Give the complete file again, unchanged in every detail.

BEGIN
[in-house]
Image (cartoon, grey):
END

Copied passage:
[in-house]
Image (cartoon, grey):